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Re: What's the problem? "Reuse of 1998 XHTML namespace is potentially misleading/wrong"

From: Robin Berjon <robin@berjon.com>
Date: Thu, 12 Feb 2009 11:48:22 +0100
Cc: HTML WG <public-html@w3.org>
Message-Id: <C43F0A99-AEE0-478A-A5C5-AD304C950962@berjon.com>
To: Robert J Burns <rob@robburns.com>

Hi Robert,

On Feb 12, 2009, at 11:12 , Robert J Burns wrote:
> On Feb 12, 2009, at 3:15 AM, Robin Berjon wrote:
>> I really don't understand your point? Are you saying that elements  
>> with different semantics with the same fully qualified name are  
>> always bad? So long as they can be distinguished by context, it  
>> really doesn't matter. The only thing it breaks is DTD validation  
>> and no one sane would ever care about that.
>
> I'm not sure I disagree with what you're saying in terms of reusing  
> the same name in different contexts. However, there's no reason to  
> expect that two separate elements with the same name will only be  
> used in different contexts. For example, imagine that XHTML2 adds an  
> element 'small' that means the text is smaller than the surrounding  
> text (visually only). However, HTML5 introduces a 'small' element  
> where the element means specific legal disadvantages or caveats.  
> Imagine another meaning of 'small' element is as a small thought not  
> directly relevant to the main topic of the document. I'm not sure  
> how context gets us out of the name collision problem. Unless you  
> mean that a heuristic reading by an intelligent  human can always  
> discern what all the text in a document is about, but then we could  
> just name every element in the XHTML namespace 'small' from the root  
> element on down the list. So if a new semantic is worth introducing,  
> I think it is worth introducing a new name for that semantic instead  
> of overloading existing names. If its not worth introducing a new  
> name it probably is not worth introducing the new semantic.

To be fair in the case of 'small' I think the name is poorly chosen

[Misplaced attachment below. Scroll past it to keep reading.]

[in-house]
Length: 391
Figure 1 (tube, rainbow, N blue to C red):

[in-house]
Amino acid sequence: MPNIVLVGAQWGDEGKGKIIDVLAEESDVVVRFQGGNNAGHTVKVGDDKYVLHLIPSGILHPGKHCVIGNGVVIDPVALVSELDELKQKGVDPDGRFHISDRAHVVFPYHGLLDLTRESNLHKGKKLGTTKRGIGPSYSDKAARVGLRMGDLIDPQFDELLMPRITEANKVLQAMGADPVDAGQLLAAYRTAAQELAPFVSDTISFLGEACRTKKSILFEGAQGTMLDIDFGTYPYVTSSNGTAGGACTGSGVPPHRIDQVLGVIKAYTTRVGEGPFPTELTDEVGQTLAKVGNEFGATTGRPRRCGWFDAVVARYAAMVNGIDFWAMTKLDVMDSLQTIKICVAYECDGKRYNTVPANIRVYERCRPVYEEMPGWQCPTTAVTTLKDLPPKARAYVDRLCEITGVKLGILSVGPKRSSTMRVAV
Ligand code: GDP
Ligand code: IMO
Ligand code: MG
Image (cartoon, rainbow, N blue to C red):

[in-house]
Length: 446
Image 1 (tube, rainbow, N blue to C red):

anyway, but for other reasons. It should be 'smallprint' (even when  
the style sheet renders it big on screen media) or something similar.  
I reckon 'proviso' might be a good pick.

For certain the case of two elements carrying different semantics that  
may appear in the same context is undesirable (see 'input' for  
precedent). But I was thinking *within a single language*, if you  
recall I was pushing back on your claim that HTML5 conflicted with  
itself. The case of two languages sharing the same namespace is  
another issue with a totally different entertainment value.

>> What matters is if a v1 implementation cannot do anything useful  
>> with a v2 document (and worse, vice-versa) or if an implementation  
>> cannot usefully distinguish between two incompatible languages  
>> sharing the same language.
>
> Which can be completely avoided by avoiding name collisions. With no  
> name collisions, its possible to allow an implementation to  
> distinguish among every semantics in the namespace even if they come  
> from two or ten different WGs

No, I'm afraid that to ensure compatible versioning you need a fair  
bit more than avoiding name collisions :)

-- 
Robin Berjon - http://berjon.com/
     Feel like hiring me? Go to http://robineko.com/
Received on Thursday, 12 February 2009 10:48:58 UTC

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